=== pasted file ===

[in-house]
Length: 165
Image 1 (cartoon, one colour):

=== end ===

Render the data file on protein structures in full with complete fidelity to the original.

[in-house]
Length: 165
Image 1 (cartoon, one colour):